WALLINGFORD — Local Democratic Town Committee members unanimously selected Alexa Tomassi as their nominee to replace Gina Morgenstein on the Town Council.
The committee held an emergency meeting Wednesday after Morgenstein, a Democrat who was elected to a third term in November’s municipal election, told party leadership she plans to step down before the council swearing-in ceremony Monday.
As of Thursday afternoon, Morgenstein had not tendered a resignation letter to the Town Clerk, who is also the clerk of the council.
According to the Wallingford Town Charter, the Town Council fills vacancies in elected town offices by appointing a person of the same party affiliation.
Although Tomassi is the DTC’s choice to replace Morgenstein, the council has the final say — but, in this case, must appoint a Democrat.
Morgenstein’s resignation is coming before the new term begins, but the charter’s procedure on filling vacancies doesn’t clearly address this situation.
Alida Cella, Democratic Town Committee chairperson, said Wednesday that she reached out to the Secretary of the State’s office for guidance on interpreting the town charter.
She said the state didn’t issue any guidance, other than advising that the procedure would be covered by the Town Charter.
Wallingford Corporation Counsel Janis M. Small said Tuesday that the timing of Morgenstein’s resignation won’t make a difference — it’s an appointment made by the council.
Wallingford has a nine-member Town Council, elected at-large, currently made up of six Republicans and three Democrats. The November election did not change the council make-up.
Tomassi, 30, ran for Town Council in the November election. She came in ninth overall — Morgenstein tied with Republican newcomer Autumn Allinson for eighth place — making her the next highest vote-getter.
Cella said that selecting Tomassi as the committee’s nominee for council approval is the best way to reflect the will of the voters in the most recent election.
Democratic Town Councilor Vincent Testa said that the council won’t vote on appointing a new council member at the swearing-in ceremony Monday, during which they are slated to select a chairman and vice chairman, but that the council likely will take up the issue at its Jan. 18 meeting.
Tomassi said near the end of the Wednesday DTC meeting that she’s prepared to serve Wallingford just as she was in November, should the Town Council appoint her.
“I really look forward to upholding our party's values, priorities and principles as part of the council,” she said. “I just do want to also say thank you to Gina (Morgenstein) for her mentorship and leadership throughout the campaign that we all worked on together as a slate.”Other possiblenominees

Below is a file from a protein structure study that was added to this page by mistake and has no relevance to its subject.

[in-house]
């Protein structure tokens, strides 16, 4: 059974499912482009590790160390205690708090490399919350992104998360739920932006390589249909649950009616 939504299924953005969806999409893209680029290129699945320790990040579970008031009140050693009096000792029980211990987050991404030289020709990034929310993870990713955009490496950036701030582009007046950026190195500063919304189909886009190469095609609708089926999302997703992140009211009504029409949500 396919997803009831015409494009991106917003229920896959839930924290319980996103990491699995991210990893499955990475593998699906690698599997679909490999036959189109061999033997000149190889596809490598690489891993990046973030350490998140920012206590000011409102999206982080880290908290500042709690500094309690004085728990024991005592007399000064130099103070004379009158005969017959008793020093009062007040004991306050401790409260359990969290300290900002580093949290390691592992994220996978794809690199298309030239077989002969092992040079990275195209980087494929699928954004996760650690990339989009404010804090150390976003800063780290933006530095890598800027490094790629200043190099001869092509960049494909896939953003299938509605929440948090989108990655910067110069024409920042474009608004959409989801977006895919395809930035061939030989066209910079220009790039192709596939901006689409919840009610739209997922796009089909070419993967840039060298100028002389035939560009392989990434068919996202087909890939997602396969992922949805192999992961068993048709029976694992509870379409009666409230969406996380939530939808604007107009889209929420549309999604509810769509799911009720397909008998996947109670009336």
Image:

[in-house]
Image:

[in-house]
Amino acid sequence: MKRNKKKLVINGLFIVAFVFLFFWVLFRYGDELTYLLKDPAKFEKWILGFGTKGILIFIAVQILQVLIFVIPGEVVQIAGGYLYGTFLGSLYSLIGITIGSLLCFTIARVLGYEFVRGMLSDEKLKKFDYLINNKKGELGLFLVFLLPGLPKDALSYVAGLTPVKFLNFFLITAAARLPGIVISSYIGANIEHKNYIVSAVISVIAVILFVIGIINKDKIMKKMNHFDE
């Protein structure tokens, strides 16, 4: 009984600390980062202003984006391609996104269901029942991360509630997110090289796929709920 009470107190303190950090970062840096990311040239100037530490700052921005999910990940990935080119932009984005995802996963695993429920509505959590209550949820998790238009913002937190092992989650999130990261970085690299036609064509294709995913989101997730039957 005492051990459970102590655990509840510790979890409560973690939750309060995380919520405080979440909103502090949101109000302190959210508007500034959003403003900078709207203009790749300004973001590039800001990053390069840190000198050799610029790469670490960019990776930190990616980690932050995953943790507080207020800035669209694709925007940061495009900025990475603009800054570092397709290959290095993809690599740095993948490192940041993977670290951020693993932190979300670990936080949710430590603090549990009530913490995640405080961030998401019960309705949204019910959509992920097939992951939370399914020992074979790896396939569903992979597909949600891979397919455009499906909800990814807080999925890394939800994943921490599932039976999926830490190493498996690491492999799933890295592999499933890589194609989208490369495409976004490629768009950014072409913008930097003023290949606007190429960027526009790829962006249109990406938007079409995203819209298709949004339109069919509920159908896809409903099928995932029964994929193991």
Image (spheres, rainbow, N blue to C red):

Several people spoke in favor of selecting Tomassi at the DTC meeting, including Jared Liu, who ran for mayor in 2017 and 2019.
Liu said Tomassi campaigned with him.
“She showed that she had the temperament to do the job,” Liu said. “She had done the work to bring herself up to speed on the issues. She showed that she was listening to people, and I just think that she really showed that she would have made such a great councilor.”
Others said that the DTC should act strategically.
Aili McKeen said that the appointed person would gain greater name recognition, which could help set them up for possible future runs challenging Republican incumbents like Dickinson or state Rep. Craig Fishbein, who is up for re-election in 2022.
Lorraine Connelly suggested nominating Riley O’Connell, who challenged Republican Mayor William W. Dickinson Jr. in the November election. O’Connell was unsuccessful, but came within 374 votes of beating Dickinson — the closest a challenger has come in 30 years to unseating the 38-year incumbent.
O’Connell said that he supported Tomassi and that the vacancy should go to the person with the next highest number of votes.
Another name raised was Nicole Barillaro, who ran for Town Council this year and landed one vote behind Tomassi in the vote totals.
Barillaro said she supported Tomassi’s nomination, and that if she were the person ahead by a single vote, she would hope to be supported by the committee.
Tara Gorvine said that she believes it is being strategic to go with the next highest vote-getter.
“It would be very bad optics for the Town Council to not go with that recommendation,” she said. “I think it's also bad optics to ignore the will of the voters.”
Gorvine also highlighted Tomassi’s experience behind the scenes helping to run local campaigns, including communications and social media work.
“She has a lot of knowledge that, frankly, no other candidate has,” Gorvine said. “I think that makes her extremely savvy and strategic, and someone that I think our committee would be very smart to groom, and support, and consider as a future candidate in higher office.”